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Oracle Linux forms the operating system spanning both our public cloud (OCI) and private cloud hosted in-house and on-prem servers.
  • Oracle Linux works very well with Oracle Database (used) and can be fine tuned for it.
  • Oracle Linux is also does very well in security and bug fixes that may not be available in the open source Linux or RedHat version.
  • Support is the biggest strength for Oracle Linux as it can be combined with the support of other Oracle components (other middleware, applications and database) to get quicker resolution and configuration specific bug fixes.
  • With Oracle Linux sometimes it will take time to get the latest patches and feature upgrades from RHL / open source code base. This can certainly be improved.
  • Compatibility issues when using Oracle Linux with non-Oracle virtualization software (especially on-prem deployments). For example, Oracle Linux with VMware.
  • Issues with applying the most up-to-date patches and bugs to Oracle Linux while running. This should be resolved with Oracle Autonomous Linux.
Oracle Linux is best suited when you are an Oracle shop more or less. [It's well suited when] You are using Oracle Database and other Oracle Middleware components and these need to be fine tuned for running high performance loads at peak throughput. It is less suited when you are using non-Oracle virtualization layer in on-prem deployments.
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June 01, 2019

Best overall choice

Score 8 out of 10
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Oracle Linux is the OS that our monitoring platform lives on. The stability that it provides makes it a great choice for any production environment. The ability to provide a scalable, secure, supported environment has been welcomed by many.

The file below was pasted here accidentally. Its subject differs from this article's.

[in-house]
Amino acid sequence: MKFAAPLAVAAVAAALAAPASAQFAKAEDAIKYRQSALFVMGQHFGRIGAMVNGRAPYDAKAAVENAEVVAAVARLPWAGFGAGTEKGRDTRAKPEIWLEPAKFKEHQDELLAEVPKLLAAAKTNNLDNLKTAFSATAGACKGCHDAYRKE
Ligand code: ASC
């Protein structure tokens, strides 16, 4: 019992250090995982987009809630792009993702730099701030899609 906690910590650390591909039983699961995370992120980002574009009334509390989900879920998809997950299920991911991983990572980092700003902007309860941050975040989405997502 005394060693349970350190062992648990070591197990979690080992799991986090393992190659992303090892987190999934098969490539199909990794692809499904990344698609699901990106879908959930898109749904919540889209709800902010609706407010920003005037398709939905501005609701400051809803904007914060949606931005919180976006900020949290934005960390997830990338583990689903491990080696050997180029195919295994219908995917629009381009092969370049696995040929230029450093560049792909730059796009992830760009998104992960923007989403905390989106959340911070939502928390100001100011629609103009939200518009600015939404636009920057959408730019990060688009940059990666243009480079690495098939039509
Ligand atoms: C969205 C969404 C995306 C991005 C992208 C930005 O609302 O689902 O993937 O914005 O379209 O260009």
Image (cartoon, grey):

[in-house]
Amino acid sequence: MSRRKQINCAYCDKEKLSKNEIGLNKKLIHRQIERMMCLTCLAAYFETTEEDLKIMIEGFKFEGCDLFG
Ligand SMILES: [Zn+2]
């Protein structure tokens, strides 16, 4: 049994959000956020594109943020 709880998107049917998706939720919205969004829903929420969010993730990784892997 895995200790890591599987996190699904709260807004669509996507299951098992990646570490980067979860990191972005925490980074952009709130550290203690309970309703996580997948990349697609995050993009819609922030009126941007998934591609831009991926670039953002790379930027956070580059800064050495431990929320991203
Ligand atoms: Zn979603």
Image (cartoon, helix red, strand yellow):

• Security
  • Compatible with multiple types of hardware. If we need to upgrade our hardware, the idea of not having to change OSs or platforms is a huge benefit.
  • Managing Memory usage
  • Support is lacking/non-existent
  • Cloud compatibility
  • Can be slow
If you are looking for a RedHat like OS that offers virtually everything a RHEL would, without the cost, then you need to start looking at Oracle Linux. The benefits outweigh the negatives by far.
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Score 8 out of 10
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It is the platform that helps us support other platforms and tools throughout the organization. It provides stability and security, allowing us to provide a secure and reliable platform.
  • High performance and stability in its operation.
  • Is a scalable system and compatible with many hardware brands.
  • The system has a graphical and command line interface, which makes it very complete and superior to other similar products.
  • Improvements in the integration of web services. There are some tricks and functions that are only allowed to be configured via commands.
  • Integration with Microsoft and Mac networks to share network services.
We use Oracle Linux templates for Oracle VM Server to provision our clone environments quickly. It is a very stable platform for web services and database interface connectors.
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Bert Scalzo profile photo
Score 10 out of 10
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I work across many different types of organizations. In some cases, Oracle Linux is being used for all database servers across the entire organization. In some cases, it is being selectively rolled out to replace legacy Unix systems. Plus in a few isolated cases, I've helped to replace Windows database servers with Oracle Linux. The common theme across all these different types of organizations is that they want the best Linux for running Oracle, which is pre-tuned and optimized as well as well supported by the database vendor. Oracle Linux wins hands down on these points.